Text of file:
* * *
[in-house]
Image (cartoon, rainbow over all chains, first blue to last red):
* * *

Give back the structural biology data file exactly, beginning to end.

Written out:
[in-house]
Image (cartoon, rainbow over all chains, first blue to last red):